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Posts Tagged ‘corrections’

The Twitter Feature to End All Twitter Corrections Mishaps for Newsrooms

twitterIf there is one thing I do over here, it’s complain about how news outlets correct themselves, rant about the ethics of reporting news on Twitter, and wonder about best practices on social media. Now, Twitter has added a feature where you can embed a tweet within a tweet, and my head has exploded.

This changes everything about the do’s and don’ts of reporting breaking news and correcting yourself on social media. It still has to be done manually and only from the desktop version of Twitter or the official iOS and Android apps. But it’s easy: you copy the entire url of the tweet you want to embed, add a little comment, and voila: the original tweet is there. Read more

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Reddit Launches Live Blogging Platform

reddilive.jpgReddit has officially launched RedditLive, a new feature where anyone on the platform can create their own live blog via a subreddit. The feature has been in beta for a few months but now anyone can get at it and live blog at will.

Are we still in a place where this means journos will whine about professionalism, ethics, and recall the mob mentality surrounding some reddit threads and news events? Probably. If so, it’s probably time to shed the pretense. Reporting needs to be mobile, live, and transparent. RedditLive doesn’t have to be a publisher, though that’s technically what it is, but could be a really good source for you in the newsroom. Although, someone is live-blogging their midnight snack.

I think that reddit is sort of a self-cleaning machine. There’s a lot of noise over there, and that’s a good thing. When something is wrong or missing, people notice. It’s like the “eyes on the street” effect for the web. Read more

3 Things to Remember When You Correct a Story

ericschererWhile it may be true that when you talk about trust and journalism, we’re talking about protecting sources and being brave enough to publish things that challenge the powers that be. But it’s also just about being trustworthy as a news source. And that means correcting your mistakes. As I notice poorly worded, or not even acknowledged, corrections floating around the Internet on a daily basis, it might be time for some refreshers.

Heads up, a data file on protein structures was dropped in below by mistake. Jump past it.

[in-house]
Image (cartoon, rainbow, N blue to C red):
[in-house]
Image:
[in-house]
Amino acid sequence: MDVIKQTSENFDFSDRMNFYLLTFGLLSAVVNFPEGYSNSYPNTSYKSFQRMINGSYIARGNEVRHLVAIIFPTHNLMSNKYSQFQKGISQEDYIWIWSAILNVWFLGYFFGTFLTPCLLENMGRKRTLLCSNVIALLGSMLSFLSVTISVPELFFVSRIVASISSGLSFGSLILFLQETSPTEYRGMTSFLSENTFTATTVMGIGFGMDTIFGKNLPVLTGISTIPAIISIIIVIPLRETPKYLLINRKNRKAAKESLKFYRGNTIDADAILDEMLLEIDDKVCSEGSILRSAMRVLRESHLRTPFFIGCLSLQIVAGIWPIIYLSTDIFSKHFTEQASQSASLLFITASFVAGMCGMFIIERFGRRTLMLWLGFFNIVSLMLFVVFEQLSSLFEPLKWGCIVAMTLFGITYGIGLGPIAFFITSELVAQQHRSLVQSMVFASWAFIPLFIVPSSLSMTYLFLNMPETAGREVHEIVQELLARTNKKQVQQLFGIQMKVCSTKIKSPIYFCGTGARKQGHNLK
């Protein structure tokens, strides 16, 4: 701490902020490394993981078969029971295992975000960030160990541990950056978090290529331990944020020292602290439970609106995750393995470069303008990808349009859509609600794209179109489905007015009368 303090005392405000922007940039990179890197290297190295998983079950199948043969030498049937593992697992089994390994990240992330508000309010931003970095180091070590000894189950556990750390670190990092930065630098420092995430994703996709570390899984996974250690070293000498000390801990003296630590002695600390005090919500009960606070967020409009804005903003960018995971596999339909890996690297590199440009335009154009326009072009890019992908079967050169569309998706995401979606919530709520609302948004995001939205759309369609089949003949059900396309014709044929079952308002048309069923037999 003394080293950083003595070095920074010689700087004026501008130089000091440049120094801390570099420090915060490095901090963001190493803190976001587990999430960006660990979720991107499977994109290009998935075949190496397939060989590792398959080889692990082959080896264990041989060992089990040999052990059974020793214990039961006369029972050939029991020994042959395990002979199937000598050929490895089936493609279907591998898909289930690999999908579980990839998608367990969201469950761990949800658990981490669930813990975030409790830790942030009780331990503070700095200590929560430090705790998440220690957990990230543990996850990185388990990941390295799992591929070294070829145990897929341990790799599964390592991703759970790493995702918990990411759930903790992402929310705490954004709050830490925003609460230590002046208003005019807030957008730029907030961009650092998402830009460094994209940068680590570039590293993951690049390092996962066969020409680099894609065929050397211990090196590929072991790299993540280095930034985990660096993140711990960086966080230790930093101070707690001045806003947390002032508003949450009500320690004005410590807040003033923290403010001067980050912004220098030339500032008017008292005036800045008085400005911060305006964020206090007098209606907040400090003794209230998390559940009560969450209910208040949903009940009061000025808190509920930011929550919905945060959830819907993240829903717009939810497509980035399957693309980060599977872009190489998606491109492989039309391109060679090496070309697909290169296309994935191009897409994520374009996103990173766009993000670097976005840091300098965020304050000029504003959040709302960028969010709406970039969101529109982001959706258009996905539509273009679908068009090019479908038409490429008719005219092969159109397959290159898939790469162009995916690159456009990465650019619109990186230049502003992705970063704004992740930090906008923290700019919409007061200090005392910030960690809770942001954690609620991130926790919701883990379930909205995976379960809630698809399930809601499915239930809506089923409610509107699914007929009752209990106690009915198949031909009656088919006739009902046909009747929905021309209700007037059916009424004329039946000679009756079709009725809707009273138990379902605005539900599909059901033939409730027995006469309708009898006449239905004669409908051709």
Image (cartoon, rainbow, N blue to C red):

1) Make it immediate. Since most of the time the reason for the mistake may be that you were rushing through the 24-hour news cycle, you should also remember that you can correct anywhere, anytime. As soon as you notice a mistake, announce it on Twitter even before the copy editor finishes updating the story for that matter. I think being overzealous is a good thing in this case. Read more

Even Upworthy’s Corrections Are Designed To Go Viral

upworthycorrection_featuredYou’ve seen and no doubt probably shared a piece of content or two that came to your attention via viral news-worth-sharing aggregator Upworthy. But have you ever gone back to a piece you shared, or circled back to a piece you’ve already seen before?

No?

That’s the problem with corrections on the Internet. Nobody (OK, very few people) goes back to re-read or re-watch something they’ve already seen. Why would you when there are hundreds of thousands of other awesome videos that will make you cry or reconsider your life waiting for you to discover.

But what happens if that video or story misled you or contained inaccuracies? You’ll probably never know, or forget the source where you first saw that mistake appear. In a newspaper, clarifications and corrections are typically appended to the stories and appear in print, either near the masthead or in a standard area of the section of the paper. Blog posts often append updated information at the top or bottom, or strike-through info that comes to light as being wrong. But how do you get those misinformed visitors to come back to see that?
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BuzzFeed Shows AP Stylebook Isn’t Exhaustive, Especially for Digital Age

keep-calm-and-follow-buzzguide-1No one can argue this — the Internet has changed everything when it comes to journalism, and while the AP Stylebook will continue to be considered “ol’ faithful” in our industry on most issues of journalistic style, there must be a benchmark for the Web-speak so prevalent in social and digital media today.

That is why BuzzFeed, generator of hilarious lists and investigative stories alike, has made public its newsroom style guide.

While BuzzFeed said its style manual isn’t meant to cover all elements of grammar and journalistic style (they rely mostly on the AP Stylebook, except for their own overrides on words they use often on the site — we’ll get to those later), the digital publisher hopes the guide will be a good source for its media peers.

“Our perspective reflects that of the internet at large, which is why we hope other sites and organizations across the web will find these guidelines useful,” wrote BuzzFeed copy team staffers Emmy Favila and Megan Paolone for the official release of the guide last week.

Of note when it comes to words and phrases journalists (specifically those covering technology and media beats) might be prone to using? See after the jump.

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